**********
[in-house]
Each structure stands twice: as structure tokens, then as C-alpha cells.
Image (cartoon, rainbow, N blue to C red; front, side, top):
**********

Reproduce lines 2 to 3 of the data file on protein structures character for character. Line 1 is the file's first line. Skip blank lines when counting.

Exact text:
Each structure stands twice: as structure tokens, then as C-alpha cells.
Image (cartoon, rainbow, N blue to C red; front, side, top):